Governor McGreevey: How do we morally and ethically as a country, as what I believe to be a good people and you know, the mayor talked about driving past prisons and our indifference, how to we ignite, I mean this is pretty special today, but how do we ignite a fervor, a moral fervor, to say that we need to do better as a matter of conscience as a people, as a nation?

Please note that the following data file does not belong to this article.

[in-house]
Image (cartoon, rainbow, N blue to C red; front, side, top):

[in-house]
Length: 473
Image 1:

Governor Christie: Well I mean I think to do it, it can't just be our political leaders who are involved in doing it. You know it's got to be everybody, if you want to ignite a moral blaze then the morality of our society is determined by all of us. Not just by the people you elect and put into office, not just by the people who stand in the pulpit or in the temple or in the mosque and preach to you on your days of observation. It is all of us who give forth an attitude. Again I go back to what Gene said about the friends on the way in and the friends on the way out, why is that? It is in part, I think, because we think that's what's socially expected of us. That we're expected to kind of give the stiff arm to the person who's been in trouble, and gone to jail, and why are you associating with that person? Don't you understand that they've been to jail? Well, you know, that's why I think the kind of broader movement that you're referring to in your question has to be done by a broader swath of society. I can say as much as I want to say and hope that I move people, that's part of my job is to use the pulpit that I have to be able to try to speak about the things that I believe are important and to move people. But I'm not under the illusion for a moment that I can move everybody. There are some people who their ears are closed to me, maybe because they're very busy with other parts of their life, maybe because they're focused on other things regarding their family and they don't focus on what's going on in the public. Maybe because they just don't like me. It's possible. I know you find it hard to believe, but it is possible. So you can't just count on one person or one group of people to do it, because you don't know, you don't know, who you are uniquely positioned to reach. You don't know until you try and until you take the chance to put yourself out there to folks. And so what I try to say to people all the time who come to me, and I'm sure the Governor understands this, too, because he had this job, too. I can't tell you how many people come up to me and say to me, "Governor, why don't you do something about "fill-in-the-blank'?' And they're emotional, they're heated up about it. The first year or so I was Governor I didn't know how to quite react to this, so I would try to be really earnest and say, "Oh okay, I will try to do something about that.' Then after about a year of it, I said I got to qualitatively listen to this, right? And I can't tell you now, in the last four years, how many times I look at people and say, "Why don't you do something about it?' And they look at me and go, "Well, you're the Governor.' Yeah, okay. I'm the Governor, but that doesn't mean I'm in charge of everything. Why don't you do something about it? Why don't you tell me what you think I should do about it, instead of just coming to me and saying, "Hey do something about it.' I can't tell you the looks on people's faces when I do that. They're like, "Wait a second, this isn't the way it's supposed to work. We have this role-playing down. See, I'm the constituent. I come up to you and yell at you. You look chastened and upset and then say you'll do something about it, then you never will and I'll never see you again.' I'm trying to change that part of the dialogue, too, because people need to understand they all have a responsibility for this. It's not just mine, it's yours, too.